This Earth Day, Let’s Talk Trees

All over the world, we acknowledge Earth Day on April 22 to celebrate the great importance of “our” trees. Yes, our trees, because of their place in our environment. According to the official Earth Day organization website, deforestation contributes to species extinction, poverty, and is responsible for up to 15% of the global greenhouse gas emissions causing climate change. Planting trees is one of the easiest and most important ways to fight climate change. But what kind of tree to plant?

This year, and for years to come our focus should be on planting a native or non-native “allergy-friendly” tree. Why allergy-friendly? Because in Canada, the average city tree count is 85% male and 15% female trees, according to the PolleNation report by the internationally known horticulturist Thomas Ogren, author of The Allergy-Fighting Garden.

Mr. Ogren used more than 130 possible factors to develop allergy rankings for plants and created the Ogren Plant Allergy Scale (OPALS®). Almost all plants have a combination of positive and negative factors that were computed to determine its OPALS ranking. A plant is ranked on a scale of 1 (least allergenic) to 10 (most allergenic). For example, a female White Mulberry tree has a 1 OPALS ranking, and a male of the same species a 10, the most allergenic.

This means male clonal, pollen producing, native, allergy/asthma-causing trees are detrimental to the health of children, and those living within high concentration areas of pollen producing plants.

Although female species may be messier with dropped seeds, seed pods, and fruit, they don’t produce pollen like the male species. The pollen produced by male clones is not always easy to see. Pollen grains vary in size and can be round, oval, disc or bean-shaped and sometimes filamentous (fine or a very thin thread or fibre). Smaller pollen can be easier inhaled and settle deeper in the lungs. It can also travel greater distances in the wind. When I mentioned that pollen isn’t easy to detect, that’s because we are so used to seeing yellow pollen grains, when in fact, pollen can also be white, grey, green, brown, red, and even purple.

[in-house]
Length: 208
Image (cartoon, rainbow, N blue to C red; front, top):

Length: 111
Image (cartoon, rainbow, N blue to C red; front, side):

Each year, approximately 250 people die of asthma in Canada, according to the Asthma Society of Canada. There are more than three million Canadians living with asthma. About 1 in 12 Americans (about 25 million) have asthma according to the Centres for Disease Control and Prevention. These numbers will continue to climb if we don’t take action and assess our current planting practices. Remember, the greater the exposure to pollen, the greater the incidence of pollen triggered allergy/asthma.

I can’t stress enough that balance of male versus female plants in our landscapes is the solution.

Gradually garden centers are embracing OPALS, and shortly you may start seeing OPALS identification tags appear with each plant you purchase. If you can purchase a plant that has an actual OPALS ranking (1 to 10) identification tag on it, then that is something you can trust. The Veterans Gardening Guide is also a valuable resource to have in your library as I’ve included OPALS ranking on plants to assist in your plant selections.

The recommendation of planting female trees over male trees, will not “cure” all pollen-allergies or asthma, but taking this important step could reduce many of the seasonal triggers and help reduce symptoms to make drug therapies more effective.

Should we continue on this road of “health destruction” or return to the 50% male and 50% female tree composition, according to records of 1985? You can do your part by planning your gardens accordingly. Help make this decision a part of your legacy.

Photo Credit: Katsura Tree by New England Wild Flower Society